General Comment No. 7

Indicator Set 5: Early Child Development

General Comment No. 7 issued by the UN Committee on the Rights of the Child states: “Article 6 refers to the child’s inherent right to life and States parties’ obligation to ensure, to the maximum extent possible, the survival and development of the child. States parties are urged to take all possible measures […] that promote the well-being of all young children during this critical phase of their lives. […] The Committee reminds States parties (and others concerned) that the right to survival and development can only be implemented in a holistic manner, through the enforcement of all the other provisions of the Convention, including rights to health, adequate nutrition, social security, an adequate standard of living, a healthy and safe environment, education and play (arts. 24, 27, 28, 29 and 31), as well as through respect for the responsibilities of parents and the provision of assistance and quality services (arts. 5 and 18). From an early age, children should themselves be included in activities promoting good nutrition and a healthy and disease-preventing lifestyle” (CRC/C/GC/7/Rev.1 20 September 2006, para. 10).

James Watson, in Starting Well: Benchmarking early education across the world, states that the intentional allocation of time “to stimulate young children’s development is a relatively new phenomenon…as economies shift towards more knowledge-based activities, awareness about child development…continues to grow.” Specifically, there is a heightened awareness to recognise the need to improve children’s social awareness, confidence and group interaction skills in order to increase their school preparedness (Watson, The Economist Intelligence Unit, 2012, pp. 5-6).

Starting Well also reports that “high quality [ECD] programmes [not only] improve children’s readiness for school and life, […but also] save society significant amounts of money over time", through multiple avenues such as helping to “facilitate greater female participation in the workforce”, which in itself strengthens economic growth. Further, “[e]arly childhood development is also a major force in helping overcome issues relating to child poverty and educational disadvantage” thus interrupting the cycle of inter-generational poverty (Watson 2012; also see Kagan, OECD, 2006).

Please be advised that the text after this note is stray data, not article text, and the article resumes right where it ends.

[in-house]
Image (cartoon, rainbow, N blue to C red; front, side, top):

It is noteworthy to mention that Starting Well finds that while “the Nordic countries perform best at preschool, and European countries dominate” the top of the chart, “many high-income countries rank poorly, despite wealth being a major factor in a country’s ability to deliver quality preschool services.” Existing data confirm that the countries ranking high in provision of quality ECED programmes are those with “a comprehensive early childhood development and promotion strategy, backed up with a legal right to such education.” Furthermore, several countries do unexpectedly well, delivering extensive preschool services, even though their average per-capita income is lower than their peers (Watson 2012).

Lastly, in their report, “Early Child Development: a Powerful Equalizer,” to the WHO Commission on Social Determinants of Health, Irwin, Siddiqi and Hertzman (2007) indicate that “comprehensive, inter-sectoral approaches to policy and decision-making work best for ECD.” A strong commitment to ECD requires structural (policies and laws) and procedural (programmes and initiatives) elements to both implement and reinforce that commitment. Evidence suggests that “a commitment of 1.5–2.0% of GDP to an effective mix of policies and programmes […] can effectively support children’s early development” (Irwin, Siddiqi, and Hertzman, 2007, p. 12).

Key Question: With respect to obligations under articles 6.2, 18, 23.3, 27, 28, 29, 31 and 32 of the UN Convention on the Rights of the Child, what measures have been taken to develop, implement, assess and report on the efforts to maximise developmental outcomes for all young children and particularly those from marginalised or otherwise excluded groups?